Misunderstandings over what clients hired their lawyers to do frequently arise in legal malpractice cases. Lawyers must be very explicit in excluding matters from their representation, particularly when then there are claims arising from a single incident (e.g., workers’ compensation and third-party personal injury claims; third-party injury and uninsured-underinsured motorist claims) or when the client has a reasonable expectation that the lawyer is handling a matter on the client’s behalf.

  • Keef v. Widuch, 321 Ill.App.3d 571, 747 N.E.2d 992 (1st Dist. 2001)

Watch for casual remarks from a client about legal problems outside the scope of the matter you are handling — advice you give, even casually, can lead the client to take action (or not take action) that could damage the client and lead to a malpractice claim.

For real estate transactions, what does your fee include? Will you represent the client if there are wrinkles that complicate the transaction? What rate will you charge?

Bottom line: Do not unintentionally expand your duties to your client — it can hurt both of you.

Lesson 4: “I Didn’t Have Time to Write a Short Letter, so I Wrote a Long One Instead” 2

What you say on a single sheet of paper can be all that stands between you and a viable claim for legal malpractice. “He-said, She-said” litigation usually ends up in front of a jury. When there is documentation to confirm advice given by a lawyer, information from the client on which the advice is based, dates of meetings with clients, authorization to act, and confirmation of significant events in the representation, the battle of who-said-what takes on a different appearance.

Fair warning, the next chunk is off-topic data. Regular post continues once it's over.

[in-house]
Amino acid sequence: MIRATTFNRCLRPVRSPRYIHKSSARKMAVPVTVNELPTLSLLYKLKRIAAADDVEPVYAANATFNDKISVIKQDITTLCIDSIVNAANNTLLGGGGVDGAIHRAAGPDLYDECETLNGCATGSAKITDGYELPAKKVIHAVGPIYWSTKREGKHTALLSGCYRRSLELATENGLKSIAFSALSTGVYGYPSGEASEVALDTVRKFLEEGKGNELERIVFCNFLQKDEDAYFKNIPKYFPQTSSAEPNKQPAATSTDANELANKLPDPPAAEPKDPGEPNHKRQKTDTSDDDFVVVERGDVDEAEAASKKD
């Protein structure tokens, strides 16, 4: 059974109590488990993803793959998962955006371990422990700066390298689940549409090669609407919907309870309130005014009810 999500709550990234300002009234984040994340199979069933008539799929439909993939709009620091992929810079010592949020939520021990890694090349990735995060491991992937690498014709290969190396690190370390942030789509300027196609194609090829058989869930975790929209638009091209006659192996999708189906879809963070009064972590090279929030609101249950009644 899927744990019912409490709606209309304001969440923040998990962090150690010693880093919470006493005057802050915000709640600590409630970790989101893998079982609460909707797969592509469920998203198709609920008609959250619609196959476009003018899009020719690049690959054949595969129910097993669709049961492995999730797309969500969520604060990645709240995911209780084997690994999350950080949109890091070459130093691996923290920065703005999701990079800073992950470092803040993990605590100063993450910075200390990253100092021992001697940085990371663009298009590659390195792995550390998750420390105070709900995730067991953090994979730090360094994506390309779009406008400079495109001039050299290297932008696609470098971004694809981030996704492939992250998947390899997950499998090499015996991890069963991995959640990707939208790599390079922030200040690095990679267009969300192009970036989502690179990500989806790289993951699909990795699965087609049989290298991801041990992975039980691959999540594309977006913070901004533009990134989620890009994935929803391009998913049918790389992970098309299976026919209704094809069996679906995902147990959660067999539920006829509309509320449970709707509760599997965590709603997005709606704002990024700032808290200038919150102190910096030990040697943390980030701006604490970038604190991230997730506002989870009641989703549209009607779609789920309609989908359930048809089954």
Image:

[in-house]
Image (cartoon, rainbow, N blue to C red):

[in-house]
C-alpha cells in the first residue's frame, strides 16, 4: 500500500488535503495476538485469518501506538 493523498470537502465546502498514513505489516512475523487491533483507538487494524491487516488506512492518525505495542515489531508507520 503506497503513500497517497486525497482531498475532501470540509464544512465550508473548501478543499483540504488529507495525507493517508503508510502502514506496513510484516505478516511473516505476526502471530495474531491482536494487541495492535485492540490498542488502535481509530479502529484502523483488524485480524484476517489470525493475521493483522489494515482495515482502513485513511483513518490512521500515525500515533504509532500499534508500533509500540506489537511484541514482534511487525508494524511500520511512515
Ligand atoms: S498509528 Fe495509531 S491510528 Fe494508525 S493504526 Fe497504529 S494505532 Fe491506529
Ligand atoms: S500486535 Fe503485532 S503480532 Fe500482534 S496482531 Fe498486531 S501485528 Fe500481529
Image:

Inform clients in writing of settlement offers; confirm in writing a client’s authorization to accept, reject or make an offer to settle; confirm in writing the client’s authority to make a demand to settle.

For domestic relations, report in writing all court dates, discovery requests, demands of any kind, substantive conversations with opposing counsel, and other pertinent information the client requests.

For wills, trusts and estate planning, confirm in writing the assets the client has and wishes to protect, bequeath or entrust; confirm the beneficiaries of the client’s gifts; confirm the client’s objectives; confirm if the client rejected alternatives that you suggested. If you document matters like these, when a would-be beneficiary later complains that you committed malpractice by depriving the would-be beneficiary of an inheritance, you will have evidence for your defense: documentation of your client’s instructions to you and your advice to your client. (FYI: such documents are admissible in legal malpractice cases filed by beneficiaries or would-be beneficiaries when they contain information the lawyer relied on, even though they are usually hearsay. The Dead Man’s Act similarly should not be a bar to admissibility of such documents as the “dead man” (or his estate) is not a party to the lawsuit).